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Swatch Takes on Google, Apple With Watch Operating System (bloomberg.com) 65

Corinne Gretler, reporting for Bloomberg: Swatch said it's developing an alternative to the iOS and Android operating systems for smartwatches as Switzerland's largest maker of timepieces vies with Silicon Valley for control of consumers' wrists. The company's Tissot brand will introduce a model around the end of 2018 that uses the Swiss-made system, which will also be able to connect small objects and wearables, Swatch Chief Executive Officer Nick Hayek said in an interview Thursday. The technology will need less battery power and it will protect data better, he said later at a press conference. Switzerland's four-century-old watch industry has been adjusting to new competition since Apple entered its territory with the Apple Watch in 2015. Hayek faces the uphill challenge of trying to outsmart Google and Apple, which have fended off would-be rivals to their operation systems in smartphones and watches.
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Swatch Takes on Google, Apple With Watch Operating System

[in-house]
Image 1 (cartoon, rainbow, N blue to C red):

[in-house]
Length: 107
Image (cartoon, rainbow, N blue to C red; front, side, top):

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  • ...but that's kind of taken.

  • by ctilsie242 ( 4841247 ) on Thursday March 16, 2017 @01:27PM (#54052075)

    Every time I read about a new OS for IoT devices, it likely is about some new feature, but because of the mentality that security has no ROI, it means the new device is now an IoT toy for the blackhats.

    If Swatch wanted to do things "right", the OS in question would be something lightweight like QNX, heavily compartmentalized (think SELinux), and done "right" from the ground up, so OS updates are as infrequent as possible, and when they come, they are ideally features, not fixing some obvious bug that should have been caught well earlier in the dev cycle.

    I hope they think it through, make a lightweight, secure OS, designed to run on hardware that runs days to weeks between charges. A watch doesn't need tons of apps slurping up CPU. Instead, they should design with a philosophy similar to the original PalmOS. Black/white, do something simple, do it well.

    • The problem is ease of development - use something developers are already familiar with and suddenly there's a massive pool of people making 'apps' for your new device, which helps it appeal to the consumer since you're probably not going to build an app library of your own out of the gate.

      People don't want a watch anymore - they want a wrist computer that primarily tells time but tracks a bunch of other stuff and brings some of it to your attention as necessary. No matter what OS you write, it's going to

      • I haven't worn a watch in nearly 12 years. My last watch battery died, and the batter cost more than the watch did originally. I thought I'll see if I miss it.

        A few days later, my tan came back.